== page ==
A Year in Provence Summary

Peter Mayle

A Year in Provence

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A Year in Provence Summary

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In A Year in Provence, the best-selling 1989 memoir by Peter Mayle, the author and his wife buy a 200-year-old home in southern France and experience the culture shock and growing pains of a new life outside England. Mayle documents the first year of their life in Provence, including the amazing cuisine, strange local customs, onslaught of wanted and unwanted house guests, and the peace he and his wife manage to find despite their struggle to learn the language and establish themselves as permanent residents. The book is followed by a series of non-fiction sequels: Toujours Provence (1991), Encore Provence (1999), and French Lessons (2001). It was also adapted into a less well-received mini-series, and inspired the movie A Good Year and the satirical novel A Year in the Province by Christopher Marsh.

Mayle and his wife move to Provence at the beginning of the new year, after traveling to the continent as tourists for many years. The book is structured after the calendar year, with each chapter recounting the events of a single month. The farmhouse is located in the Luberon Mountains, a rural area with a strong local dialect and many strange customs. The book recounts a series of misadventures and learning curves, but the recurring theme of Mayle’s memoir is the food he eats – he describes vividly his New Year’s lunch, ends the book with a portrait of Christmas dinner, and spends the middle sections of the novel depicting meals in vivid detail.

The first bizarre experience the couple have involves the Mistral, a strong, cold wind that blows through the valley where they live in the winter, sometimes for up to two weeks at a time. To add to the escapade, the pipes in their farmhouse freeze and they have to call a plumber, the first of many contractors they’ll meet in Provence. The plumber, they discover, has a different sense of time than they were accustomed to back in England – he works at a leisurely pace while the wind blows, and the pipes remain frozen.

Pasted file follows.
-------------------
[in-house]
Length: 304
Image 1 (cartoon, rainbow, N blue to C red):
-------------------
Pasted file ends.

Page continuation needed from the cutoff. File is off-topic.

A large part of the madness of the first year in Provence comes from the guests, some of whom come from England and others of whom are casual acquaintances that arrive and sit by the pool and drink their wine uninvited. Meanwhile, the house is under construction as the contractors labor to get it back into good working order. The couple seek support at dinner parties with local families, but the dialect is so strong they can hardly understand the conversations that go on. The couple feels like they live in-between worlds, not quite English because they aren’t in England, and not nearly French enough to make their way comfortably in their new home.

There are many strange events that bring levity to the memoir – the couple goes truffle hunting with locals, watch goat races, and navigate the infuriating complexity of French bureaucracy. They have funny run-ins at the market, visit vineyards, and even experience blood donation in the lazy French province. These stories highlight the humor in the couple’s discomfort.

At its heart, Mayle’s book embraces the nuances of culture, and the strangeness of trying to make a new home in a world so unfamiliar from the one in which you were raised. Even just across the channel in a region they visited frequently as tourists, the Mayles’ feel like aliens in their adopted home. The book also embraces, with humor and sincerity, the beauty of southern French culture. Mayle is obviously in awe of the exquisite craftsmanship and preparation of meals, the gathering of ingredients, the freshness of the products in the market. And though it is unfamiliar to them, the couple does begin to fall in love with the slow pace of life in rural Provence.

At the end of the memoir, Mayle and his wife find peace in their newly renovated and empty home. The guests are gone, the carpenters have departed, and the house is complete. After a year of madness and adjustment, the couple finally feels settled in their new house, and enjoy the solitude and the peace that comes from just being together in this beautiful part of the world.

A Year in Provence was an unintentional work of Mayle’s, which lead to his greatest success as an author and prompted him to leave his home in Provence for a few years to avoid the hordes of tourists who wanted to visit after the book became a best-seller. Mayle had planned to move to the Luberon region to complete a novel in the works, but was so fascinated by his new environment that he chose to write the memoir instead. It became popular enough to warrant a few more books, which the author published in subsequent years. In 2002, Mayle was awarded the Legion D’Honneur, the highest order of merit in France, for his contributions to the culture. He wrote a quartet of novels before his death in 2018.